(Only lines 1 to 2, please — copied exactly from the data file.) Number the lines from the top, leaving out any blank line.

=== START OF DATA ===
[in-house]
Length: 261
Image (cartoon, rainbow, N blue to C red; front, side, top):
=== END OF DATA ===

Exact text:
[in-house]
Length: 261